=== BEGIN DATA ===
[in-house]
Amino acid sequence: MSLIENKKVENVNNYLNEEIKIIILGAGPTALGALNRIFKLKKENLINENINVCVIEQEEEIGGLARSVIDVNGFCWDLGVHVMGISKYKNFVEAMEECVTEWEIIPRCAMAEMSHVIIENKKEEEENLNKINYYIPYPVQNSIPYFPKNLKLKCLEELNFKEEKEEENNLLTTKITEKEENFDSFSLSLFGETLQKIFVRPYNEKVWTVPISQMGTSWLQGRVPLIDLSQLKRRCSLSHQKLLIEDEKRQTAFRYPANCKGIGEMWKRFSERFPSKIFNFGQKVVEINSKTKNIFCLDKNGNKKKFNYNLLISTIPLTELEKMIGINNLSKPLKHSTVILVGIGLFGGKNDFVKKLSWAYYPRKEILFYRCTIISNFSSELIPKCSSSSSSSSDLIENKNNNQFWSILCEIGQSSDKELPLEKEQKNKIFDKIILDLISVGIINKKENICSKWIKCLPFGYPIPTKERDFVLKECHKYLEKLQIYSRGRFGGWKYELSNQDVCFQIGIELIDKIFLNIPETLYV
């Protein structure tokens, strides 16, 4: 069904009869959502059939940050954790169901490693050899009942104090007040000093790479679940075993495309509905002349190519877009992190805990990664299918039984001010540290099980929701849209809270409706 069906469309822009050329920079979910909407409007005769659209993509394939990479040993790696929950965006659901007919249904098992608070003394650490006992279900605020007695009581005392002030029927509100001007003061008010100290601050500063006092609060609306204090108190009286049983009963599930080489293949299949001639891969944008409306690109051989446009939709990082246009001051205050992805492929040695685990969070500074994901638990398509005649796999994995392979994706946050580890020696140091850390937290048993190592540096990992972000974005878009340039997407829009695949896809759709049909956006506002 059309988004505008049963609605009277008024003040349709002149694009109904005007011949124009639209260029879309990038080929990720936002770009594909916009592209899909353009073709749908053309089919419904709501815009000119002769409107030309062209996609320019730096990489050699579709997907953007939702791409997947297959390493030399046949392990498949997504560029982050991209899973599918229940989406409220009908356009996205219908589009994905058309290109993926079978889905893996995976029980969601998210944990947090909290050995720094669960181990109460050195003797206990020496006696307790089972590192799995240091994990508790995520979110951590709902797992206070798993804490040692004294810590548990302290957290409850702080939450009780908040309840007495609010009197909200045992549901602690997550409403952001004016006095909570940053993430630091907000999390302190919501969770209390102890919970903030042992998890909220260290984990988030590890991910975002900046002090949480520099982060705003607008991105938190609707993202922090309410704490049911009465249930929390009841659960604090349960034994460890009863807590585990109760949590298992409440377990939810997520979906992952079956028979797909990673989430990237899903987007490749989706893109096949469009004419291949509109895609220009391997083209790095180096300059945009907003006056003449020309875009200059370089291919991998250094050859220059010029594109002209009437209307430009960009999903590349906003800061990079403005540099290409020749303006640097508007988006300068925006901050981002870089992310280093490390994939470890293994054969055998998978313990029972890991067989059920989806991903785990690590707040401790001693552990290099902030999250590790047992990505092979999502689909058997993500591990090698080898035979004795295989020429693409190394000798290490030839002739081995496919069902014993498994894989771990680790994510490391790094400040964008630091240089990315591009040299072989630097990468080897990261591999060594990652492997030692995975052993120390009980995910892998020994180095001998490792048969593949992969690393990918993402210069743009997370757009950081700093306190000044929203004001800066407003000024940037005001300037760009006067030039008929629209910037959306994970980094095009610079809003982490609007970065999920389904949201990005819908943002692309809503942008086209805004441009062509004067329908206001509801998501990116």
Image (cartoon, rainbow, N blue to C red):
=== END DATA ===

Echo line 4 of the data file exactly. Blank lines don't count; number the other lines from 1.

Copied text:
Image (cartoon, rainbow, N blue to C red):